Accordingly, Free Trade must be justified in young countries and to working men in quite another way than by a catalogue of its effects upon production. It must be shown that Free Trade has also an effect in raising wages; that, whilst suggesting desires, it gives means to satisfy them by cheapening most articles of common use, and by bringing about the conditions which are most favourable to a fairer distribution of wealth, and most conducive in any community to a lasting rise in the average standard of comfort. In making this investigation, the real effect on wages of any fiscal policy will have to be considered, and the futility of attempting to raise wages by merely altering a customs tariff ought to be made plain. It is certain that, until such an inquiry is attempted, the Free trade arguments will fly above the heads of those whom it is intended to convince.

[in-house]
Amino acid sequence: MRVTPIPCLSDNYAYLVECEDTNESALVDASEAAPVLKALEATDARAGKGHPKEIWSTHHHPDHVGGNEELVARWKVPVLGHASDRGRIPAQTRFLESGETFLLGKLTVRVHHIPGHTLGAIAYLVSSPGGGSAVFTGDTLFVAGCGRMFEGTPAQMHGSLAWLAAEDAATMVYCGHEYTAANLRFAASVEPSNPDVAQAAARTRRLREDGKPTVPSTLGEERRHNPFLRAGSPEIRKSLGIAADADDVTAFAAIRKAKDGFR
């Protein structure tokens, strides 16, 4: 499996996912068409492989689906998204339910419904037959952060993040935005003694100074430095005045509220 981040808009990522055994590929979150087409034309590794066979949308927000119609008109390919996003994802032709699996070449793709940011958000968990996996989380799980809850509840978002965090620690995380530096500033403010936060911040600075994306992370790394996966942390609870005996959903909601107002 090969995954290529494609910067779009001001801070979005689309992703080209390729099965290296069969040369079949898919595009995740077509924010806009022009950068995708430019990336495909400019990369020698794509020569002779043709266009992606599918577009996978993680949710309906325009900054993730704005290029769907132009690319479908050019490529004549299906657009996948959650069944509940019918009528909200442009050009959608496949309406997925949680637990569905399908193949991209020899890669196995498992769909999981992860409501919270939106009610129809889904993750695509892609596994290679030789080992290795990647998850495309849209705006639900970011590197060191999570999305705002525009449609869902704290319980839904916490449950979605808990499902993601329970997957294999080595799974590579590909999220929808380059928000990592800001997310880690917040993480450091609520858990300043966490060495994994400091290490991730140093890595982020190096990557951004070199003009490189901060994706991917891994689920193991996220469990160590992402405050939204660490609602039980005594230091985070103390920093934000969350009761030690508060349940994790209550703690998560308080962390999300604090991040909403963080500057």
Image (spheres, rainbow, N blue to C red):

Partly in consequence of having directed so much attention to the effect of Free Trade upon capital, and partly for other reasons to be mentioned, Free Traders have incurred the charge of being hostile to the working-classes. No one, who has lived in a country where the fiscal controversy is active, can have failed to notice the strong and bitter feeling with which Free Traders are denounced by those who aspire to a political position by the aid of the working-classes. This feeling is, no doubt, to a great extent fictitious. It is necessary at times for the "friend of the working man" - and "friendship for the working man" is a recognised profession in most English-speaking countries - to use strong language if he would not have his sincerity suspected. Free Trade and Free Traders offer a convenient object of attack, the more so that Free Trade has been identified with an unpopular party both in Australasia and America. The Free Traders in Victoria, where the fiscal battle was first fought, were land-monopolists and Tories. The Free Traders in America were Southern slave-owners. It has taken a whole generation in both countries to dissociate Free Trade from these unpopular causes.